Nutrient solution in the tubes is kept about 6 inches (15.2 cm) deep. The nutrient solution is constantly moving and being aerated as it moves around roots.

NFT gardens were more popular 15 years ago than they are today.

Transplant Clones or Seedlings, and Grow

Start clones and seedlings in small 2-inch (5.1 cm) net pots full of rockwool or substrate that does not shed debris to clog the irrigation system. Or cut large holes in small pots for an inexpensive alternative to net pots. The small pots must permit unrestricted root expansion when growing into gulleys. Do not grow clones and seedlings in soil or media that will shed debris. And do not try to wash media from root mass with cold water. This will severely damage roots, compound transplant shock, and slow their establishment in gulleys. Plants started in soil or messy substrate should be lightly shaken to remove “debris” and then be transplanted. This will lessen damage from the move substantially. Install a temporary filter such as a nylon stocking or something similar at the end of channels to catch debris.

Set small pots in gulleys so that they remain stable while roots are establishing. Keeping clones and seedlings firmly in channels with no vertical movement will reduce transplant shock and speed root growth. Movement of plants can cause damage to roots, which causes stress and possible root disease. Often the first signs include leaf tip burn and slow growth. Even minimal transplant shock will slow growth for several days.


Most hydroponic garden problems are solved by keeping the garden and sur­rounding area clean, and by controlling the nutrient solution’s dissolved oxygen levels, EC, and pH, and temperature in the reservoir and gulleys. See sections on each for specific information.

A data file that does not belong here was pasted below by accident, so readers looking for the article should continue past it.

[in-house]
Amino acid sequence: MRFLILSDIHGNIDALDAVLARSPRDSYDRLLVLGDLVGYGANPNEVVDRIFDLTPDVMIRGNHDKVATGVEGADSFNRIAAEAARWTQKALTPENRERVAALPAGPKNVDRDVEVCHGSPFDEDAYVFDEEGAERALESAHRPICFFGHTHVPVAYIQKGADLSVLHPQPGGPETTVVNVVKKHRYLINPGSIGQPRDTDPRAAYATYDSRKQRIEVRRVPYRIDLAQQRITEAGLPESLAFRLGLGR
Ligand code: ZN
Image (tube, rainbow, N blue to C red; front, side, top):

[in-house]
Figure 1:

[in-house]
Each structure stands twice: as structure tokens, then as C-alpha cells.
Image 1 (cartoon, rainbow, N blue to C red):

Broken or discolored roots found in reservoirs and filters indicate problems from disease, pests, oxygenation, heat, nutrients, and so on. More broken and discolored roots signify a bigger prob­lem. Check for slow nutrient flow and stagnation. Both conditions can cause waterlogged roots. Make sure that gulleys and the entire system are as light-tight as possible to discourage algae growth.

An excellent troubleshooting guide can be found at

The ridges in each gulley bottom direct water and help add rigidity and stability.

There are many different styles of gulleys for NFT gardens.

Good filters that are easy to access and clean are essential for NFT gardens.

Roots quickly grow into the main growing medium.


Hydro-organic (aka organoponic) is growing in an inert medium fertigated with a soluble organic nutrient solution. When somebody talks about hydro-organics, they probably mean organic container culture. Organic fertilizers are most often defined as containing substances with a carbon molecule or a natural unaltered substance such as ground-up minerals. Many of the nutrients must be “processed” by microorganisms and be chelated before they are available to plants. These gardens can be top-feed, flood-and-drain, or wick. Refer to those specific sections in this chapter for more information.

Organic nutrients require places to collect. The concept is similar to buffering a video online. Without a place to accumulate, the rate of mineralization will not keep up with need. Much of the released nutrients would be used up by the microlife in the soil, or “volatized.” Other major issues arise with macro‑nutrients—most notably, P and Ca. It is impossible to grow 100 percent organic cannabis in hydroponics. There must be sources and pools where nutrients accumulate at appropriate levels. Oxygen is also required to break down organic complexes as well as the appropriate varieties and numbers of microflora to be effective.

Dedicated gardeners spend the time and trouble it takes to grow organically because the natural nutrients bring out a sweet organic taste in flower buds. Indoor and outdoor crops grown in les than 90 days do not have time to wait for organic nutrients to be broken down. Organic nutrients must be soluble and readily available for short-term cannabis crops to benefit.

An exact balance of organic nutrients can be achieved with experimentation and attention to details. Even when you buy ready-mixed commercial fertilizers like BioCanna or Earth Juice, you will need to try different feeding amounts and schedules to get the exact combi­nation to grow a top-quality harvest. Always check with manufacturers for recommendations.